Las Caras Lindas de mi Gente Negra,
Son un desfile de melaza en flor,
Que cuando pasan frente a mi se alegra,
De su negrura todo el corazón
-Tite Curet Alonso
I was delighted to be asked to participate in this conversation, even though I am not a leader or spokesperson for the New Monastic movement. I am using the term New Monasticism (as the group that is inspired by The School(s) for Conversion: 12 Marks of a New Monasticism) for the sake of common understanding because that is the concept that has been used in this conversation so far, even though I believe New Monasticism is varied and larger than just the 12 marks and the popular idea of what New Monasticism is.
Like Jason and Vonetta, my family is interracial and multiethnic. I am a Puerto Rican of brown skin. My wife is white, born and raised in the state of Washington. We have two kids and a third growing in "mamí's belly," as my daughter would say. My kids are growing as hyphenated people, with a rich racial and ethnic heritage as Irish, white, Taino/Arawakan, brown, African, Potowatomi, Welsh, Spanish, black, German,Puerto Rican, mestizo, and USA American. My children are growing also in one of the few countries that ignores and often violently negates the reality of people's multiple racial and ethnic identities. This does not happen only in the political/social services arena, but it is pervasive in all aspects of our lives -- including our churches and our "movements." En donde quiera se cuecen habas.
For me and mine (my family, community, friends) this conversation is not just another topic of the many we can choose from; this conversation is part of our core beings. Because of this I want to invest time and energy in conversations and relationships that will generate mutual transformation and growth. As a good friend told me recently, "blog conversations are a good start on a small front -- but the real work is ahead of us."
I am joyful to read Shane's and Jonathan's responses of how they are perceiving and working with the issue of racial reconciliation, healing, and full embrace in their private lives and in the life of their communities. I am also glad at their honesty in considering those points as only baby steps. Realizing that we are only crawling is a necessary action in order to see that we still have a lot of maturing to do. Andando, andando que la Virgen nos va ayudando.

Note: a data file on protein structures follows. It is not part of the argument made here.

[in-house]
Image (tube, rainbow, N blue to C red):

What Vonetta and Jason have done with their provocative blog post is to help shed light on the homogeneous white and male expression in New Monasticism and beyond. By that I mean how "natural" it seems that most of the perceived leadership of this movement is white and male. I am certain there are women and men of color alongside. People of color are often considered strong companions and wise counselors, but often in hierarchies of power, people of color are behind the scenes -- not in the spotlight. Part of the luxury of oblivious white privilege is that it is normal to have people of color around, while for the most part being oblivious that they are systematically assigned a place on the sidelines. It is not by chance that it is hard to find people of color as prominent figures in spreading the vibes of New Monasticism through books, conferences, and new media. This also true of many other new emerging expressions of contemporary Christianity.
This predominantly white expression of New Monasticism is not a personal thing; it is part of a larger system of social categories, social identity and perception. New Monastics, white and of color, are not above or beyond the psychology that structures our racial and social identity and consciousness. Nor do we live in a vacuum where we are not affected -- positively or negatively -- by these structures. So this conversation is not about just individuals, but about bigger dominant systems of oppression. That said, it does get personal sometimes -- and not by choice. The unearned privilege that comes with being white may not be something people choose or take. The advantage is given by the system of social categorization, but the realization that some might benefit from a social construct while others are marginalized is a tough pill to swallow.
People in the spotlight and those who are socially perceived as leaders have lots of responsibility to speak out loud about these evil structures that thrive on silence. It is not enough to speak when asked and stay silent the rest of the time. To not speak of the issue is to give the perception that there is no issue.
If there is no challenge to the practices that -- intentionally or not -- support and preserve the marginalization of people of color, then we are accomplices in a self-perpetuating system of domination and oppression, while at the same time pulverizing efforts of racial healing, reconciliation, and full embrace. I am very glad Jason and Vonetta started making a loud enough noise about this subject that now it is part of a public open discussion.
Perhaps we need to work to a broader understanding of the formation of racial identity and systems of oppression and privilege. Perhaps we need to come to terms with the fact that while some have the option to move to the abandoned places of the empire, there are even more desolate places in hearts and minds and that are in dire need of liberation and redemption.
I do have some other things to say, but I was asked to write only a blog post, not a dissertation. Maybe there is more to come later.
Somos la melaza que ríe,
Somos la melaza que llora,
Somos la melaza que ama,
Y en cada beso,
-Titet Curet Alonso
Eliacín Rosario-Cruz serves as community catalyst and cultivator with Mustard Seed Associates. He and his family are part of The Mustard Seed House -- an intergenerational Christian intentional community in Seattle, where they eat, play, work, garden, pray, and conspire for a new reality.